International tax

  • Apply a corporate tax on transnational e-commerce companies (e.g. Netflix) doing business in Canada by requiring the foreign vendor to register, collect and remit taxes where the product or service is consumed. 
  • Raise the “empty home” tax for foreign and corporate residential property owners who leave buildings and units vacant.
  • Implement a global minimum tax.

Indirect tax

  • Impose a financial transactions tax of 0.5% in the finance sector.
  • Apply a tax on luxury goods, such as planes and luxury cars. Similarly, it is unclear if this would differ from the August proposal made by Finance


  • No new enforcement measures are proposed

Bloc Quebecois

Led by Yves-François Blanchet, the Bloc Quebecois put forth a platform that focuses on recovering from the pandemic and encouraging Quebec’s growth. While a majority or minority Bloc government is highly unlikely, the party may garner enough seats to provide critical collaboration with a minority government. 

The platform proposes a wealth tax and a 3% tax on digital giants such as Facebook. There is focus on continuing efforts to end tax avoidance by large companies. 

People’s Party of Canada

The People’s Party of Canada (PPC), led by Maxime Bernier, tabled its platform focusing primarily on cutting spending. 

The PPC proposes to eliminate the deficit by the end of a first mandate through fiscal prudence and cutting funding to most programs such as corporate welfare, foreign development aid, multiculturalism, climate change, equalization payments, as well as funding for programs, which they consider to be provincial or municipal responsibilities.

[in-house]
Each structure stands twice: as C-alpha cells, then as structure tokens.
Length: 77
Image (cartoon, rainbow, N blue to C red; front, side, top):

They further propose to phase out all COVID spending programs and reverse new spending programs.

Once the deficit is eliminated, they plan to cut personal income taxes, reduce corporate taxes to 10% and abolish the personal capital gains tax by gradually decreasing the inclusion rate from the current 50% down to 0%.

Key takeaways

Many of the tax proposals made in the Liberal platform are extensions or completions of previous announcements. The NDP has made similar proposals to those made in the last federal election. While the NDP and the Liberals have proposed additional taxes and restrictions on deductions, the Conservatives have focused on wooing voters with boutique tax credits and a complete tax reform. 

Likely due to the short time between the election call and the date Canadians head to the polls, most proposals leave out key details on how these programs would be administered and don’t consider the cost to business owners and taxpayers of implementing the proposed measures.

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This article was written by Jen Reid, Sigita Bersenas and originally appeared on 2021-09-13 RSM Canada, and is available online at

The information contained herein is general in nature and based on authorities that are subject to change. RSM Canada guarantees neither the accuracy nor completeness of any information and is not responsible for any errors or omissions, or for results obtained by others as a result of reliance upon such information. RSM Canada assumes no obligation to inform the reader of any changes in tax laws or other factors that could affect information contained herein. This publication does not, and is not intended to, provide legal, tax or accounting advice, and readers should consult their tax advisors concerning the application of tax laws to their particular situations. This analysis is not tax advice and is not intended or written to be used, and cannot be used, for purposes of avoiding tax penalties that may be imposed on any taxpayer.